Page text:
UK COVID-19 Update: Oxford Jab Restrictions for Younger People? Valneva Jab New Data

Tim Locke

April 06, 2021

Editor's note, 6 April 2021: This article was updated with new information on the Oxford/AstraZeneca vaccine.

These are the UK coronavirus stories you need to know about today.

Oxford Jab Restrictions for Younger People?

Channel 4 News reported the MHRA is considering restricting use of the Oxford/AstraZeneca vaccine in younger people over concerns about rare blood clots.

However, Chief Executive, Dr June Raine, said in a statement: "Our thorough and detailed review is ongoing into reports of very rare and specific types of blood clots with low platelets following the COVID-19 Vaccine AstraZeneca.

"No decision has yet been made on any regulatory action."

Last week, the MHRA said it had received 22 reports of cerebral venous sinus thrombosis (CVST) and eight reports of other thrombosis events with low platelets out of 18.1 million doses of the Oxford/AstraZeneca vaccine administered.

There were also seven deaths due to blood clots.

The Chair of the European Medicines Agency's vaccine evaluation team, Marco Cavaleri, told an Italian newspaper: "In my opinion we can now say it, it is clear that there is an association with the vaccine. However, we still do not know what causes this reaction."

Later on Tuesday, the Wall Street Journal reported Oxford had paused a study of the vaccine in children as it waited for more information from the MHRA. There have been no safety issues in the trial but it said the decision was due to broader concerns about rare clotting problems in adults.

Despite news reporting of clotting events, the latest Office for National Statistics (ONS) data show positive sentiment towards COVID-19 vaccination remained high with 95% of adults reporting they had now either received a vaccine, or would be likely to have a vaccine if offered, up from 94% last week.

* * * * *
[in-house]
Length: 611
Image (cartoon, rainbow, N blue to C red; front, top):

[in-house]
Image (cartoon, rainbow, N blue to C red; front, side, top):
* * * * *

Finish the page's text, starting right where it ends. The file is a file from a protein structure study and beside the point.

Valneva Jab New Data

Valneva issued  Part A of the Phase 1/2 clinical trial data for its vaccine in a press release quoting England's Health Secretary Matt Hancock as saying the jab produced "a strong immune response". 

The company said: "VLA2001 was generally safe and well tolerated across all dose groups tested, with no safety concerns identified by an independent Data Safety Monitoring Board." It added that the data show: "More than 90% of all study participants developing significant levels of antibodies to the SARS-CoV-2 virus spike protein across all dose groups tested."

The vaccine, which also induced T-cell responses, will be manufactured in Livingston in Scotland.

Meanwhile, Vaccine Deployment Minister, Nadhim Zahawi, said the Moderna vaccine would be "in deployment around the third week of April".

Caution on Mass Rapid Testing

The BMA responded to plans to offer rapid testing to all adults in England from Friday.

"The rollout of rapid twice-weekly testing for all adults could help to identify some cases of those who have COVID-19 but don’t show symptoms which would otherwise go undetected – if those people then self-isolate this will minimise spread," said Council Chair, Dr Chaand Nagpaul.

"However, it is vital that the public is made aware of the limitation and accuracy of these tests. Recent research into lateral flow tests suggests they can pick up about over half of people with symptoms but significantly fewer of those who have COVID-19 but don’t have any symptoms."

England's Lockdown Roadmap

Last night, Prime Minister Boris Johnson said he'd stick "like glue" to his 'roadmap' out of England's lockdown.